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Ionomics is the measurement of the total elemental composition of an organism to address biological problems.[1][2] Questions within physiology, ecology, evolution, and many other fields can be investigated using ionomics, often coupled with bioinformatics, chemometrics[3] and other genetic tools.[4][5][6][7][8] Observing an organism's ionome is a powerful approach to the functional analysis of its genes and the gene networks. Information about the physiological state of an organism can also be revealed indirectly through its ionome, for example iron deficiency in a plant can be identified by looking at a number of other elements, rather than iron itself.[9] A more typical example is in a blood test, where a number of conditions involving nutrition or disease may be inferred from testing this single tissue for sodium, potassium, iron, chlorine, zinc, magnesium, calcium and copper.[10]

In practice, the total elemental composition of an organism is rarely determined. The number and type of elements measured are limited by the available instrumentation, the assumed value of the element in question, and the added cost of measuring each additional element. Also, a single tissue may be measured instead of the entire organism, as in the example given above of a blood test, or in the case of plants, the sampling of just the leaves[11] or seeds. These are simply issues of practicality.[9]

Various techniques may be fruitfully used to measure elemental composition. Among the best are Inductively-Coupled Plasma Optical Emission Spectroscopy (ICP-OES),[3] Inductively-Coupled Plasma Mass Spectrometry (ICP-MS), X-Ray Fluorescence (XRF), synchrotron-based microXRF,[12] and Neutron activation analysis (NAA). This latter technique has been applied to perform ionomics in the study of breast cancer,[13][14] colorectal cancer[15] and brain cancer.[16] High-throughput ionomic phenotyping has created the need for data management systems to collect, organize and share the collected data with researchers worldwide.[17]


  1. ^ Lahner B, Gong J, Mahmoudian M, Smith EL, Abid KB, Rogers EE, Guerinot ML, Harper JF, Ward JM, McIntyre L, Schroeder JI, Salt DE (2003) Genomic scale profiling of nutrient and trace elements in Arabidopsis thaliana. Nat Biotechnol 21: 1215-1221.[1]
  2. ^ Salt DE (2004) Update on ionomics. Plant Physiology 136: 2451-2456
  3. ^ a b Cotrim, GS; Silva, DM; Graça, JP; Oliveira Junior, A; Castro, C; Zocolo, GJ; Lannes, LS; Hoffmann-Campo, CB (2023). "Glycine max (L.) Merr. (Soybean) metabolome responses to potassium availability". Phytochemistry. 205: 113472. doi:10.1016/j.phytochem.2022.113472. ISSN 0031-9422. PMID 36270412. S2CID 253027906.
  4. ^ Eide DJ, Clark S, Nair TM, Gehl M, Gribskov M, Guerinot ML, Harper JF (2005). Characterization of the yeast ionome: a genome-wide analysis of nutrient mineral and trace element homeostasis in Saccharomyces cerevisiae. Genome Biol 6:R77.[2]
  5. ^ Robinson AB, Pauling L (1974) Techniques of orthomolecular diagnosis. Clin Chem 20: 961-965.[3]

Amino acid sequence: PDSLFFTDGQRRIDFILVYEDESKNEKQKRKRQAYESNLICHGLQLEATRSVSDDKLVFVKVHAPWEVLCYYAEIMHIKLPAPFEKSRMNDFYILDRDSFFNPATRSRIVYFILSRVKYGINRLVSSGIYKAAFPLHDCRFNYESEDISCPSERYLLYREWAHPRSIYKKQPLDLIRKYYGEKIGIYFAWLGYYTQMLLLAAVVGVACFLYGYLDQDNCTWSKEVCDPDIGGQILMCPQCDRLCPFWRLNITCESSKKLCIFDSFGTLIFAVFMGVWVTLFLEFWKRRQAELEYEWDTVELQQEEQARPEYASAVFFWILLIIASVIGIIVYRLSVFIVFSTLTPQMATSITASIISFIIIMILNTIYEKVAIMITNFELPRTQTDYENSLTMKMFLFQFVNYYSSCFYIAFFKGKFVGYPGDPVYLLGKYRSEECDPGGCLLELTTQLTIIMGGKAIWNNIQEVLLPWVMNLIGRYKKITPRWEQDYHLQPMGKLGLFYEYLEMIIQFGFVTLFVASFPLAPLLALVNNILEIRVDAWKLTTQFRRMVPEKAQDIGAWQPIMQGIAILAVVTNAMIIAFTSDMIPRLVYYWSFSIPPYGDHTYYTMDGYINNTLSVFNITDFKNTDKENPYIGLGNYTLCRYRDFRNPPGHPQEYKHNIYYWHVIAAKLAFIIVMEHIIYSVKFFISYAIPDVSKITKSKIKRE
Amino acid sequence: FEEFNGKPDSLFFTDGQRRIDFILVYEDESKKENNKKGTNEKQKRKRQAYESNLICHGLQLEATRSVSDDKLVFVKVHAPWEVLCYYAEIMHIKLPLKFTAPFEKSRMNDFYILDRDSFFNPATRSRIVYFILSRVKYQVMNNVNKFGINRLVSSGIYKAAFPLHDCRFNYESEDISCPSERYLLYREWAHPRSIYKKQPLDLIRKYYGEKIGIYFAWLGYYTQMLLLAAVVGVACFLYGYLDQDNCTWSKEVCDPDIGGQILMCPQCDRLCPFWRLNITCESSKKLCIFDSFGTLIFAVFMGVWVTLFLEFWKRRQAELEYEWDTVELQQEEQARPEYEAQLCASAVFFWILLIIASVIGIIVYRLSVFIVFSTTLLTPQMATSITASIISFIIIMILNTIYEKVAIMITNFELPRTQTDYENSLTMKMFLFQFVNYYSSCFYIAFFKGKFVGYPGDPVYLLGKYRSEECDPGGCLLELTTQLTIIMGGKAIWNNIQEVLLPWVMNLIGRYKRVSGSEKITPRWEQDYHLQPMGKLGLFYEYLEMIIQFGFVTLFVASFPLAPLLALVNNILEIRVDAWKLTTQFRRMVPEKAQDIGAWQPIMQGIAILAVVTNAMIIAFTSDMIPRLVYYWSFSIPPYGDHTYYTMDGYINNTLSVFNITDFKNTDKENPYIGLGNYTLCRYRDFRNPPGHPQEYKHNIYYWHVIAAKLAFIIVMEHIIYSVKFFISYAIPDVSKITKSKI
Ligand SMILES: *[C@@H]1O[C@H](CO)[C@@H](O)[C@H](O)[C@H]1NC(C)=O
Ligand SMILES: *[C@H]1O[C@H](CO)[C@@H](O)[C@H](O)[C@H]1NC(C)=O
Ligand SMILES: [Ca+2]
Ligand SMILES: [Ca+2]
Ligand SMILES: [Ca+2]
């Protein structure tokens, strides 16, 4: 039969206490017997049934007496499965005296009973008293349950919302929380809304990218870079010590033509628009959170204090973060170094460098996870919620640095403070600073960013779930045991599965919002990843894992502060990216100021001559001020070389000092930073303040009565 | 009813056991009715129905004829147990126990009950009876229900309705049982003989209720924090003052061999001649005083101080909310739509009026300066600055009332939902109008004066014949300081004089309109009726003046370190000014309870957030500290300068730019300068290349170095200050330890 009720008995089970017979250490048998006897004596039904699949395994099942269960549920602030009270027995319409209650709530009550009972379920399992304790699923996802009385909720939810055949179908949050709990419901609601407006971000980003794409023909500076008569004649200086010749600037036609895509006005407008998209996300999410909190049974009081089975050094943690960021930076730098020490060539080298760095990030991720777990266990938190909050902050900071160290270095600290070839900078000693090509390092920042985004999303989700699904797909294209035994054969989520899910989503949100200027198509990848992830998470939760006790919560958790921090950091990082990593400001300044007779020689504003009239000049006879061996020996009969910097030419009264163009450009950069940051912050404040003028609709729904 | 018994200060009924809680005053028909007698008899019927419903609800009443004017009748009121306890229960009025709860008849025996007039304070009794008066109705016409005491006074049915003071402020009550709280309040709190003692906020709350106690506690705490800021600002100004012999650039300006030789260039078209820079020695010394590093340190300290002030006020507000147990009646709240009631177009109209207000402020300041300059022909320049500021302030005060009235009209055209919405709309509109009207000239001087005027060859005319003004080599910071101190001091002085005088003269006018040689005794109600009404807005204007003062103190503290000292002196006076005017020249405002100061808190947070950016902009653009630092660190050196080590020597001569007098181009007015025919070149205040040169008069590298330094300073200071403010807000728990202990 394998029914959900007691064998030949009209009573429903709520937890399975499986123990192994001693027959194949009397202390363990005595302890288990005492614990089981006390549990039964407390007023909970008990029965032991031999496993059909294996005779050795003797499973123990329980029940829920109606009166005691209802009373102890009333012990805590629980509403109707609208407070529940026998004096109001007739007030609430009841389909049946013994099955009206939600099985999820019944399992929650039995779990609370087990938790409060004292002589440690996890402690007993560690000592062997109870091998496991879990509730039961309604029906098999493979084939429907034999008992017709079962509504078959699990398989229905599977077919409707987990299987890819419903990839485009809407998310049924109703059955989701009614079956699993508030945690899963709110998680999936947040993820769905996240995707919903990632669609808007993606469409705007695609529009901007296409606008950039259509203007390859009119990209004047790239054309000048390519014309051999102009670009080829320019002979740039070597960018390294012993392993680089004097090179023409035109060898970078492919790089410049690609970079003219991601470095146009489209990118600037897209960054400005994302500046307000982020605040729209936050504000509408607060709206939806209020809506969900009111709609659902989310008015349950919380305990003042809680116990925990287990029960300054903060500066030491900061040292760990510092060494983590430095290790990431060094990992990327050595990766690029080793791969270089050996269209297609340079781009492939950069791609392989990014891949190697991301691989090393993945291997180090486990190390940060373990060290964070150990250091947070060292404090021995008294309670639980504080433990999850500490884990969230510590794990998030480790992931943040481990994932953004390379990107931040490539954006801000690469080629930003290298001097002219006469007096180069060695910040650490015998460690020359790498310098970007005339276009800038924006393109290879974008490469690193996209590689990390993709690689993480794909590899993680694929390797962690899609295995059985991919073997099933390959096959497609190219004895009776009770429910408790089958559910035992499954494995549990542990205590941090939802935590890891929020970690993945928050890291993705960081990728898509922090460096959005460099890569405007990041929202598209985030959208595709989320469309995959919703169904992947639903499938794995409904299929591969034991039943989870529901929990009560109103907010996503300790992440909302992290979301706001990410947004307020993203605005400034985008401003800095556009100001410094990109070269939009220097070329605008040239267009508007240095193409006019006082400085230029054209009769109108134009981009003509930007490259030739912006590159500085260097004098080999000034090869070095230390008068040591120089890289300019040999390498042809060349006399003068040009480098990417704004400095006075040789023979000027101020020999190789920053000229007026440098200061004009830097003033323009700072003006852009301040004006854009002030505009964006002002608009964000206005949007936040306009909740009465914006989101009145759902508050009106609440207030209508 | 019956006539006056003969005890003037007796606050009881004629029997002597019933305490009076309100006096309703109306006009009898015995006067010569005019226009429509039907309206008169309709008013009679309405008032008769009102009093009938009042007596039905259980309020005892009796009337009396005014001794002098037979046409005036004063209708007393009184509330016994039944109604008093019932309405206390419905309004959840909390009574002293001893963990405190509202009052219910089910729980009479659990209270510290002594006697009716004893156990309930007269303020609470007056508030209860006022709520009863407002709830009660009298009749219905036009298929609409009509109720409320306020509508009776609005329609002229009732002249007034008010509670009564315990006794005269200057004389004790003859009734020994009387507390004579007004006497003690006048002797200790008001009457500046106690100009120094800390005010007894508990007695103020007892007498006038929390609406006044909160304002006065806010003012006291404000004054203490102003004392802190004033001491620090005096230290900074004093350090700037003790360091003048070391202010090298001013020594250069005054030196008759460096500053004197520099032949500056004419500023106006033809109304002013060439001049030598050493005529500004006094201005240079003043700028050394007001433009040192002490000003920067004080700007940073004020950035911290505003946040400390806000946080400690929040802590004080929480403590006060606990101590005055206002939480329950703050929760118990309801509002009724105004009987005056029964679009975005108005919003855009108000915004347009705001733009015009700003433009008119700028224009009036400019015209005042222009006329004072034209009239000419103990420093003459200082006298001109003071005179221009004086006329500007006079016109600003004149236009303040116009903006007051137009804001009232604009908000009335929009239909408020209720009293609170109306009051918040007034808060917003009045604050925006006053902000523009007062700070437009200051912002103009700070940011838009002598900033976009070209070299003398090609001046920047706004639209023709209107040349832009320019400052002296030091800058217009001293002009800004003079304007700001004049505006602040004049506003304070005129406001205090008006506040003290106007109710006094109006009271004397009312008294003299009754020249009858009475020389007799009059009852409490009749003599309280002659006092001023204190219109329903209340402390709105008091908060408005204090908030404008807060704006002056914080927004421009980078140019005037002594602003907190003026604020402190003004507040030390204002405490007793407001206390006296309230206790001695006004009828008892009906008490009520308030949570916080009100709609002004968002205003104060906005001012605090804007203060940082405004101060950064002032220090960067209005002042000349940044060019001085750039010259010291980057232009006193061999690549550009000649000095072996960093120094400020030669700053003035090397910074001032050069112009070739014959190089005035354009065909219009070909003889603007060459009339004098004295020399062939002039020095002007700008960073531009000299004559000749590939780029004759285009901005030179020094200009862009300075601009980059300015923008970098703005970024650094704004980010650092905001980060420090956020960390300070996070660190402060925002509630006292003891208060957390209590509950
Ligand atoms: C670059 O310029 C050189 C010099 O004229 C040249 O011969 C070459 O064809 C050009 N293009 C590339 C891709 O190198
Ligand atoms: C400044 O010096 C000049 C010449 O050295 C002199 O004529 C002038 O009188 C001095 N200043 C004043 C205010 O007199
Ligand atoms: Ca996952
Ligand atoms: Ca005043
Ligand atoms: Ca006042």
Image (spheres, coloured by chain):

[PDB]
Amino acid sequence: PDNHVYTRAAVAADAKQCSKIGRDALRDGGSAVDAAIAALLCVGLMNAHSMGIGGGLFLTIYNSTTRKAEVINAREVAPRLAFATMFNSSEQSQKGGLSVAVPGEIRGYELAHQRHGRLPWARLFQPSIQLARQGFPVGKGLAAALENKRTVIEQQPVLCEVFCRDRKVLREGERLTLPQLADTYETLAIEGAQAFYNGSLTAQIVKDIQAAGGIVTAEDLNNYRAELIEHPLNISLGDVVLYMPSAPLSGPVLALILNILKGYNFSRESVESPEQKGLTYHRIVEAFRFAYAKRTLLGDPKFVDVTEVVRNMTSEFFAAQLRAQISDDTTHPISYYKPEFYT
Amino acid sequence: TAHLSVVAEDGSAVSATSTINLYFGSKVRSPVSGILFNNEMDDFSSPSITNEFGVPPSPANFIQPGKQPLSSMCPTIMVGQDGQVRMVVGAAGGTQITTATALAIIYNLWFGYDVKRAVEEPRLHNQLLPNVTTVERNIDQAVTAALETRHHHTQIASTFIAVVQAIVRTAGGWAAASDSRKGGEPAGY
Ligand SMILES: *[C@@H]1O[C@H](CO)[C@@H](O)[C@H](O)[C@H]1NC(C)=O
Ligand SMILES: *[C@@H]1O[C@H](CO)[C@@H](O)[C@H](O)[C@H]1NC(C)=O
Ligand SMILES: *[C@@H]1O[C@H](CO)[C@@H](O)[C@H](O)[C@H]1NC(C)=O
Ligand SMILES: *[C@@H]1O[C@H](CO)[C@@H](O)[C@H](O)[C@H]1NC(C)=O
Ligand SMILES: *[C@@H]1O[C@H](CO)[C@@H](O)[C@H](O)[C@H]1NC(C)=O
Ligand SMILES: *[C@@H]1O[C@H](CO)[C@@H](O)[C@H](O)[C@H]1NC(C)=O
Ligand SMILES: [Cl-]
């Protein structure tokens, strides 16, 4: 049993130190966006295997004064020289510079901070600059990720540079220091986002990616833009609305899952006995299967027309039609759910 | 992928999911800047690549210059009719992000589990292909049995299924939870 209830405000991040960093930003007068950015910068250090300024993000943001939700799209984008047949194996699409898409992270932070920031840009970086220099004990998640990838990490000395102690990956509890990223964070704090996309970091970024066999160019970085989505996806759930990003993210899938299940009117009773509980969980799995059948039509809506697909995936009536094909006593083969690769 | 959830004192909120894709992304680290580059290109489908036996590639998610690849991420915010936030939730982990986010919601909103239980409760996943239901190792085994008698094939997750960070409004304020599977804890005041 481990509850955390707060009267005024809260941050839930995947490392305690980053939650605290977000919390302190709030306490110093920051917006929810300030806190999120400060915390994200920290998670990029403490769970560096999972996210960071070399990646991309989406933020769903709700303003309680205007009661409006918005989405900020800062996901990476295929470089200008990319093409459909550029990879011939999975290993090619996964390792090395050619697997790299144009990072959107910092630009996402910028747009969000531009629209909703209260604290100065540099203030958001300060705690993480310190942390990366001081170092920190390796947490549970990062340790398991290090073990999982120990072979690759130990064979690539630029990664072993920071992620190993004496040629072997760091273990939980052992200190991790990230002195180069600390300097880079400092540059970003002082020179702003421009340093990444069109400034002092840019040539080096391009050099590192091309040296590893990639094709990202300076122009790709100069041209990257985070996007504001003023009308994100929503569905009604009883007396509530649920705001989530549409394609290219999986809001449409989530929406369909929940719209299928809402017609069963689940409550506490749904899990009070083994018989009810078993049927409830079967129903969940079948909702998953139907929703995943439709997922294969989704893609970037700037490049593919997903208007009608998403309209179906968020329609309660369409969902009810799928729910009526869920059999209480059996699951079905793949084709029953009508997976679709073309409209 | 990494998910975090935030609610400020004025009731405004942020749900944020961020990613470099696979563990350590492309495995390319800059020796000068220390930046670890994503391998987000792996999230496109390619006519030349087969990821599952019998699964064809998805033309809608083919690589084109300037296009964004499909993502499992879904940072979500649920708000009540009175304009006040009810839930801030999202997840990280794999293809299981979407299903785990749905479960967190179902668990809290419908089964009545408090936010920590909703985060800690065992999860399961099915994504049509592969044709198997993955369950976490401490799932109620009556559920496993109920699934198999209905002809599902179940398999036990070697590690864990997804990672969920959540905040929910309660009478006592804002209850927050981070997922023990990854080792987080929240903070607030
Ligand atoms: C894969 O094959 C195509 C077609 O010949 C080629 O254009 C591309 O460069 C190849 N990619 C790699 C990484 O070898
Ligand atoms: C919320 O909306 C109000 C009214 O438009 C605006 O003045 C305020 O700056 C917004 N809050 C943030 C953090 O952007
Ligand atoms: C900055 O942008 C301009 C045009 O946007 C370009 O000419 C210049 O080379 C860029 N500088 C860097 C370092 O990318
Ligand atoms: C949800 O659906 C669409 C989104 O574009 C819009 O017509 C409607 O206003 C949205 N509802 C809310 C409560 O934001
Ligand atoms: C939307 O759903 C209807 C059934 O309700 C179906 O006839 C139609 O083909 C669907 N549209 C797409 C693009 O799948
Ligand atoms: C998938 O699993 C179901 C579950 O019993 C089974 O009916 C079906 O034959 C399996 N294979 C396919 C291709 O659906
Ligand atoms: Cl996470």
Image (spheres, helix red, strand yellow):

6. ^ Rus A, Baxter I, Muthukumar B, Gustin J, Lahner B, Yakubova E and Salt DE (2006) Natural variants of AtHKT1 enhance Na+ accumulation in two wild populations of Arabidopsis. PLoS Genet 2(12): e210.[4]
  7. ^ Baxter I, Muthukumar B, Park HC, Buchner P, Lahner B, Danku J, Zhao K, Lee J, Hawkesford MJ, Guerinot ML, Salt DE (2008) Variation in Molybdenum Content Across Broadly Distributed Populations of Arabidopsis thaliana is Controlled By a Mitochondrial Molybdenum Transporter (MOT1). PLoS Genet 4(2): e1000004.[5]
  8. ^ Watanabe T, Broadley MR, Jansen S, White PJ, Takada J, Satake K, Takamatsu T, Tuah SJ, Osaki M (2007) Evolutionary control of leaf element composition in plants. New Physiol 174: 516-523.[6]
  9. ^ a b Baxter, I (2009) Ionomics: studying the social network of mineral nutrients.Curr Opin Plant Biol;12(3):381-6.[7]
  10. ^ Brody, Tom. Nutritional Biochemistry. San Diego: Academic Press, 1998.
  11. ^ Pillon, Y., Petit, D., Gady, C., Soubrand, M., Joussein, E., & Saladin, G. (2019). Ionomics suggests niche differences between sympatric heathers (Ericaceae). Plant and soil, 434(1-2), 481-489.https://doi.org/10.1007/s11104-018-3870-8
  12. ^ Young LW, Westcott ND, Attenkofer K, Reaney MJ (2006). A high-throughput determination of metal concentrations in whole intact Arabidopsis thalianaseeds using synchrotron-based X-ray fluorescence spectroscopy. J Synchrotron Radiat 13: 304-313.[8][permanent dead link]
  13. ^ Garg AN, Singh V, Weginwar RG, Sagdeo VN (1994). An elemental correlation study in cancerous and normal breast tissue with successive clinical stages by neutron activation analysis. Biol Trace Elem Res 46: 185-202.
  14. ^ Ng KH, Ong SH, Bradley DA, Looi LM (1997). Discriminant analysis of normal and malignant breast tissue based upon INAA investigation of elemental concentration. Appl Radiat Isot 48: 105-109.2&_cdi=5296&_user=29441&_orig=search&_coverDate=01%2F31%2F1997&_sk=999519998&view=c&wchp=dGLbVzW-zSkWz&md5=4518026bdf3dd2556b557736207f4291&ie=/sdarticle.pdf
  15. ^ Shenberg C, Feldstein H, Cornelis R, Mees L, Versieck J, Vanballenberghe L, Cafmeyer J, Maenhaut W (1995). Br, Rb, Zn, Fe, Se and K in blood of colorectal patients by INAA and PIXE. J Trace Elem Med Biol 9: 193-199.
  16. ^ Andrási E, Suhajda M, Sáray I, Bezúr L, Ernyei L, Réffy A (1993). Concentration of elements in human brain: glioblastoma multiforme. Sci Total Environ 139-140: 399-402.
  17. ^ Baxter I, Ouzzani M, Orcun S, Kennedy B, Jandhyala SS, Salt DE (2007) Purdue Ionomics Information Management System (PIIMS): An integrated functional genomics platform. Plant Physiol 143: 600-611.[9]

External links[edit]

The ionomicshub (iHUB) is a collaborative international network for ionomics [10]